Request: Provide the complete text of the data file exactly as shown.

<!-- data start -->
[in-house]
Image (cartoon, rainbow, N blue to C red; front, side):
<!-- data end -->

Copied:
[in-house]
Image (cartoon, rainbow, N blue to C red; front, side):